Though I sympathized with the intentions of “Je n’suis,” I had trouble blaming the magazine itself for the interpretations others had placed on it. Whatever the cartoonists’ and editors’ intentions, I still supported their right to draw and write whatever the hell they wanted and I couldn’t bring myself to take a stand that might justifiably be read as blaming the victim.
That was all then.
The pertinent question now isn’t whether Charlie Hebdo’s politics conform to my own, or even whether I’m offended by the content of their cartoons, but rather, what PEN’s purpose in honoring the journal in this specific way in this specific context is and what this says about PEN.
To answer this question, one must look at the context of the award—not just the attacks but all that’s happened since. One must take into account the competing narratives and symbolic meanings that have accumulated around the magazine, and ask: does PEN want to affirm the over-simplified narrative being peddled by the politicians who gathered in Paris, and if not, how does it recognize the way this narrative has been challenged by the vigorous arguments about class and race that rose out of the wake of the attacks?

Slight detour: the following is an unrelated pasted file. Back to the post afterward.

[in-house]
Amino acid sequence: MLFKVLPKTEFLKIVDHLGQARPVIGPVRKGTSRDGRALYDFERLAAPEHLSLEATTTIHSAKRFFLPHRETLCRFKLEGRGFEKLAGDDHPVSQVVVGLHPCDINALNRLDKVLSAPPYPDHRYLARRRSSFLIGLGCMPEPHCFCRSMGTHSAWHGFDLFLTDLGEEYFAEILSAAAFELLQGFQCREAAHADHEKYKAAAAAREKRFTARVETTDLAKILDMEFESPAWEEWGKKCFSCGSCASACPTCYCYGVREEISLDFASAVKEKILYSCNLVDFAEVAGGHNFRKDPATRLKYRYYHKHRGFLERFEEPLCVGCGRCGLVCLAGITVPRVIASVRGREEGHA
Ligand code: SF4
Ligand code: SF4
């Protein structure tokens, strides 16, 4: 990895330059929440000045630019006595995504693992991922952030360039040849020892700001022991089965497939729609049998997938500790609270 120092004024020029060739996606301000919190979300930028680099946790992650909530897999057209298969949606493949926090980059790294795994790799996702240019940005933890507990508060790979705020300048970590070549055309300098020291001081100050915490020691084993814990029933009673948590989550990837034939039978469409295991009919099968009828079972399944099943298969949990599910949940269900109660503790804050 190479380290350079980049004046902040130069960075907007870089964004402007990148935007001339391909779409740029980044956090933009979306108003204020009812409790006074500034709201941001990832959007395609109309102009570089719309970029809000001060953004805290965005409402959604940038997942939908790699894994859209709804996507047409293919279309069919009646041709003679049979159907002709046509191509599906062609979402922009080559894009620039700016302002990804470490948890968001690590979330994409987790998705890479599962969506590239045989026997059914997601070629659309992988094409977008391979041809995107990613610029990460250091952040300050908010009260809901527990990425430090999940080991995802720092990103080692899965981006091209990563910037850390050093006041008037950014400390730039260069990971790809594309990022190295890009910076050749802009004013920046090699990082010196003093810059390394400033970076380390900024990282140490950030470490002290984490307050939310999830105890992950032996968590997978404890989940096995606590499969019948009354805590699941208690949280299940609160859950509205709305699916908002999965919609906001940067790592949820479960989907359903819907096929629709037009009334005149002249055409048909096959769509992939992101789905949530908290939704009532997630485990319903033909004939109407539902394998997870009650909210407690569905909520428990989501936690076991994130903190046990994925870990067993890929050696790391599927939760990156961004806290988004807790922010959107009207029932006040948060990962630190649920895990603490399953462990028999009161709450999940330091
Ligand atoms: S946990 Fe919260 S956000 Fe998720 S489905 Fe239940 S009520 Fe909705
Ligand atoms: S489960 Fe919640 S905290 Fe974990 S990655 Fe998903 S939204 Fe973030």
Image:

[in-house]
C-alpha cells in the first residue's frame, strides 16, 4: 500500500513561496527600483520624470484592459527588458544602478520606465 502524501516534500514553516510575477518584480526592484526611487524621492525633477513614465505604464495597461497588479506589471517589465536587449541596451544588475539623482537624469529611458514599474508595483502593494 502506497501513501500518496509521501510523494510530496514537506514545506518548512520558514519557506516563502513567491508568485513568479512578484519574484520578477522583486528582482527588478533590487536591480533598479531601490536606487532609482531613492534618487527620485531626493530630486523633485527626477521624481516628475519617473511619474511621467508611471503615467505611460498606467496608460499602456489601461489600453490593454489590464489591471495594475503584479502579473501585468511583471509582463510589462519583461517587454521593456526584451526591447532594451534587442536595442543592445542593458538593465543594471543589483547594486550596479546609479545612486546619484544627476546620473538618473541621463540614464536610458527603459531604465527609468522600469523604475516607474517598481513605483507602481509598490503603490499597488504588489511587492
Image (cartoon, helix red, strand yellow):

One must also remember that this award is being presented at a fundraising gala and that the big-money donors PEN is courting are the primary audience for the message conveyed by giving Charlie Hebdo an award for courage. One must wonder if celebrating Charlie Hebdo was ever meant to be anything more than an act of marketing. But how we market ourselves — and to whom—say a lot about who we think we are.